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As Helix Energy Solutions (NYSE:HLX) slims down its operations to concentrate on its expanding offshore oil-well support business, analysts have started to assess the company’s potential as a takeover target.
Since beginning as oilfield diver in the 1960s, Helix has grown its business to include operations ranging from deepwater construction to oil-and-gas production to well maintenance and repair. But that is changing. The company agreed in December to put its oil-and-gas unit up for sale, and earlier last year it ended its pipe-laying business.
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“It’s a cleaned-up company,” Iberia Capital analyst Trey Stolz said in a telephone interview with Bloomberg. “Helix would be attractive as an add-on for existing offshore service providers to immediately get a head start on the well intervention side. It’s the next step forward in further specialization of the offshore equipment.”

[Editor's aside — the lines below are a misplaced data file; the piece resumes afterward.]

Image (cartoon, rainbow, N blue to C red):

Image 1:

Helix’s divestments have helped the $2.2 billion company reduce its debt and appear more attractive to investors. The cost-cutting measures contributed to a 31 percent gain in its shares in 2012, which beat the increases made by the 11-member Standard & Poor’s Midcap Energy Equipment & Services Index. Even with this gain, the company still trades at a 23 percent discount to its closest competitor, Oceaneering International (NYSE:OII). As of Thursday, Helix’s enterprise value was 6.64 times its estimated earnings for 2013…
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